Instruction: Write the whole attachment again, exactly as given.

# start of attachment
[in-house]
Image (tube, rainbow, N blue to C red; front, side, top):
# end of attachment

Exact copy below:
[in-house]
Image (tube, rainbow, N blue to C red; front, side, top):